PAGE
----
How Turning Mute Made Me Better Not Bitter #Lesson 30

I was wondering why it took me so long to identify the lessons I had learned from my experience with losing my voice when I read this sentence for Joseph Pierce Farrell: “We are vibrating molecular beings whose entire physical composition changes every seven years.”Losing my voice took place seven years ago. It seems that in order to go through such an entire change, I needed to reflect on the whole experience, put it into writing and share it with people. 

And though the experience taught me valuable lessons, yet many of them I didn’t figure out at once. And some lessons I still train myself to adopt.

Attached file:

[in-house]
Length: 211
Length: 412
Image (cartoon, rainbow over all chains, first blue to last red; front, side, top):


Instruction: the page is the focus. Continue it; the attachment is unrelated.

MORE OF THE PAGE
Ending up this series of articles in which I shared the life lessons I learned from the most painful experience I went through in my forty years on this earth, I intend to share now the most profound lesson I had learned; ‘To trust the universe’. Everything happens for a reason and nothing is random. The main problem is that we tend to dwell into the events instead of getting their meanings and their values. Hadn’t I lost my voice I might have been still living lost without my personal mission statement which I consider my compass in this life. Losing my voice bonded me with my family and my best friend. It made me see myself from a different angel. It helped me become more alive and more grateful to what I have. It made me see my husband as a companion. This hardship taught me to trust the universe and to accept what happens, having faith that it happens for my mere good, even if my logic tells me the opposite. It taught me to accept the events as they are as this is the way the universe wants them to happen in the best timing and the best way. It taught me to surrender faithfully to fate while expressing both my trust and my gratitude.